6. that last helper TI process could be a Bedrock data clear process, this saves you time from writing and testing the generic data clear process. Therefore, the concatenated string in column K should match the filter settings in the called Bedrock process.

(*) Feel free to add a column to indicate the cube name, probably with wildcard characters (* and ?), because otherwise you will end up with many rows in the Excel / text file. Here I left out that column, and solved this in the mother TI process. (**) In a big TM1 model, this TI process is executed many, many times, so the TM1 server message log will be cluttered up. Remove the excess log entries later on if you want to. An empty cell in columns B, D, F, H, J would mean "all lowest-level dimension elements".

Optionally, add an extra column to indicate Yes/No, should this "record" be executed on the cubes, or skipped. Adapt the coding accordingly (the Itemskip and ItemReject functions can be used).

Watch and relax

After the hard work is done, sit back and relax ! You can now execute the mother TI process and wait for the 'Process completed successfully' message. Or, schedule this data clear process in a (nightly) chore. In passing, I just mention that dimension reordering could be advantageous too. Do a few experiments and compare the outcomes.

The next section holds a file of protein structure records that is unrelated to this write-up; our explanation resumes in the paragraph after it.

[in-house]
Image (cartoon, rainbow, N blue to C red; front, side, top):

Next steps

After manually clearing out data, if it has not been done before, limit rules and feeders to avoid calculating and feeding unnecessary steps. This can be a time-consuming activity to go through the main cubes of the model. However, it can lead to additional benefits - in terms of memory, calculation times, model reboot times, file size on disk, the time of backup procedures, etc. Oh yes, while clearing data, don't forget to turn off the transaction logging temporarily ;-)

What I found equally useful, is to inspect how many cells we have in each of the (bigger) cubes. Both input cells and calculated / fed cells are useful. You can run the Performance monitor in Planning Analytics to count those cells. What I did additionally, is setting up temporary cubes with the same dimensions as some of the big cubes. A TI process would write a 1 in the temporary cube for every input cell of the original cube. Like that, you can count by Year/Scenario/Version, and other detail, how many input cells. It turned out that certain currently calculated versions were affected by high-level input of data, spreading data over a cell that was previously 0... You can easily tally up to a few billion cells if you don't pay attention to this. Now, you need to determine this in the first place, but curing the situation is just as important - it's far from easy! Clearing data there might make your boss or customer really angry ;-)

All in all, my experience is that, if the different parts of the exercise are executed thoroughly, the benefits can be substantial. Do factor in also a period of validation by the business. The bigger the model, the more time should be foreseen.

See you later for more TM1 articles! There is already a follow-up article here.




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Wim Gielis is a Business Intelligence consultant and Excel expert